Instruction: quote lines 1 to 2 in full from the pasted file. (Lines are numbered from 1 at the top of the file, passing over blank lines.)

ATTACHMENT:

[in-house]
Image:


[in-house]
Image: